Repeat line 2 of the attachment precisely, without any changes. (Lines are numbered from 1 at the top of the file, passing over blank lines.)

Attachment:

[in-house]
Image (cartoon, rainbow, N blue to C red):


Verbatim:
Image (cartoon, rainbow, N blue to C red):